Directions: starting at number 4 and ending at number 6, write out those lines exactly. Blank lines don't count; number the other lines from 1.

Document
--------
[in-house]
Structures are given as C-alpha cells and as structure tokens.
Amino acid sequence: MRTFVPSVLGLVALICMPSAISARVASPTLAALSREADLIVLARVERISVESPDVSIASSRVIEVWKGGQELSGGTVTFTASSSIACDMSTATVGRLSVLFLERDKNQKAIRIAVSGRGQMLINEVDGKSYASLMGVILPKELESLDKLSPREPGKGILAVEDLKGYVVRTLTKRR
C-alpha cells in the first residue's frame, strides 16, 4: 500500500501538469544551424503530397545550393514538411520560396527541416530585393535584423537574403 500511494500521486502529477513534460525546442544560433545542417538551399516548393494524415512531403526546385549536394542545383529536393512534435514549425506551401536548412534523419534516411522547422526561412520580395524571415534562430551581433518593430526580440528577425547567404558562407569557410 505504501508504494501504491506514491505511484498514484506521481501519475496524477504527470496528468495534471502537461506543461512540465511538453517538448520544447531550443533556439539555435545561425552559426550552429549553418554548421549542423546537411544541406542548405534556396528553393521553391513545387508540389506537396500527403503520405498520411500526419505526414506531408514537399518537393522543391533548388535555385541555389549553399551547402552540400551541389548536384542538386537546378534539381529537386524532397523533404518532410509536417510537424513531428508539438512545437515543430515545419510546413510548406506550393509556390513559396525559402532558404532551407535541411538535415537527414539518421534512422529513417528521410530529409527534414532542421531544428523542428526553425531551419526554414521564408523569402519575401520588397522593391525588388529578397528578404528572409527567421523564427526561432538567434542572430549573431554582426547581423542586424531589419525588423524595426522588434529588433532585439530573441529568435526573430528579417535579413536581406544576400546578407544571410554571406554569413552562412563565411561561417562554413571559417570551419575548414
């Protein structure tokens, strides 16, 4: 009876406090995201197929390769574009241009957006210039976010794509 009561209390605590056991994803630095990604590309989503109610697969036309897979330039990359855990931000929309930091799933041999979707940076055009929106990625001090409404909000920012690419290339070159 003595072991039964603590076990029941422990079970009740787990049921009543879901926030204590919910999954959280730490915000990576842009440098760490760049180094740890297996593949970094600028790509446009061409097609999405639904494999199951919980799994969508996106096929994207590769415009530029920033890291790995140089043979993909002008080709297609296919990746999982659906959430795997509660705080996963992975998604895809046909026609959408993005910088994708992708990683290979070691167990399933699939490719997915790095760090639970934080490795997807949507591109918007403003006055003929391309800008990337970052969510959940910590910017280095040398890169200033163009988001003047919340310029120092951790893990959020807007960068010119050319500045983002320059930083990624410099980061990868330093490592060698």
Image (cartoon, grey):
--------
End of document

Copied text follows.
C-alpha cells in the first residue's frame, strides 16, 4: 500500500501538469544551424503530397545550393514538411520560396527541416530585393535584423537574403 500511494500521486502529477513534460525546442544560433545542417538551399516548393494524415512531403526546385549536394542545383529536393512534435514549425506551401536548412534523419534516411522547422526561412520580395524571415534562430551581433518593430526580440528577425547567404558562407569557410 505504501508504494501504491506514491505511484498514484506521481501519475496524477504527470496528468495534471502537461506543461512540465511538453517538448520544447531550443533556439539555435545561425552559426550552429549553418554548421549542423546537411544541406542548405534556396528553393521553391513545387508540389506537396500527403503520405498520411500526419505526414506531408514537399518537393522543391533548388535555385541555389549553399551547402552540400551541389548536384542538386537546378534539381529537386524532397523533404518532410509536417510537424513531428508539438512545437515543430515545419510546413510548406506550393509556390513559396525559402532558404532551407535541411538535415537527414539518421534512422529513417528521410530529409527534414532542421531544428523542428526553425531551419526554414521564408523569402519575401520588397522593391525588388529578397528578404528572409527567421523564427526561432538567434542572430549573431554582426547581423542586424531589419525588423524595426522588434529588433532585439530573441529568435526573430528579417535579413536581406544576400546578407544571410554571406554569413552562412563565411561561417562554413571559417570551419575548414
């Protein structure tokens, strides 16, 4: 009876406090995201197929390769574009241009957006210039976010794509 009561209390605590056991994803630095990604590309989503109610697969036309897979330039990359855990931000929309930091799933041999979707940076055009929106990625001090409404909000920012690419290339070159 003595072991039964603590076990029941422990079970009740787990049921009543879901926030204590919910999954959280730490915000990576842009440098760490760049180094740890297996593949970094600028790509446009061409097609999405639904494999199951919980799994969508996106096929994207590769415009530029920033890291790995140089043979993909002008080709297609296919990746999982659906959430795997509660705080996963992975998604895809046909026609959408993005910088994708992708990683290979070691167990399933699939490719997915790095760090639970934080490795997807949507591109918007403003006055003929391309800008990337970052969510959940910590910017280095040398890169200033163009988001003047919340310029120092951790893990959020807007960068010119050319500045983002320059930083990624410099980061990868330093490592060698």
Image (cartoon, grey):